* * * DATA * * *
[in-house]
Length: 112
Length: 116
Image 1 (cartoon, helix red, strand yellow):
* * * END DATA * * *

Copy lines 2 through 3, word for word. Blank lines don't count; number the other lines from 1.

Length: 112
Length: 116